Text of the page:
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A military surveillance drone once built by the Pentagon, the Gorgon Stare, is the eye-in-the-sky, that can simultaneously track 1,000 moving targets. It is based on a wide-area motion imagery (WAMI) technology, that allows a camera, which has had its power greatly expanded, to be attached to a drone — and can then watch and record a massive area.

The technology expands the camera aperture, so an entire city can be watched at once. Capable of zooming in on particular parts of the imagery on the ground it supplies images with great detail while still being able to record everything else.

The Gorgon Stare’s resolution is 1.8 billion pixels or 1.8 gigapixels, which is 150 times more powerful than an iPhone.

The original purpose was to track insurgents across conflict zones, as a counter terrorism tool, and to help prevent IED (improvised explosive device) attacks. But has been asking if the drone will soon be used to track citizens’ movements in American cities. Surveillance drones raise a host of significant privacy and civil liberties issues. One major problem? Privacy laws have not evolved at the same rapid pace of drone technology, leaving law enforcement with the belief that they can use drones to spy on citizens without the benefit of warrants or legal processes.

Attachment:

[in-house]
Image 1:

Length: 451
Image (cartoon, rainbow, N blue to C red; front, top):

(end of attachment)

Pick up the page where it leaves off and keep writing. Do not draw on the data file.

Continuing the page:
Alarming stats from the U.K. is that an average Londoner is caught on security cameras over 300 times a day, while in the U.S., an average American citizen might be caught on camera more than 75 times. 

A recent book by Holland Michel about the Gorgon Stare UAV emphasizes the contradiction between military scientists’ good intentions and a technology based on a dystopian Hollywood plot, claiming that the aircraft’s concept follows a 1998 Hollywood thriller, Enemy of the State.

Although investment in WAMI is “furious and ongoing”, he notes, “the Air Force declined repeated requests for even an approximate indication of WAMI’s impact on the battlefield”, as cited by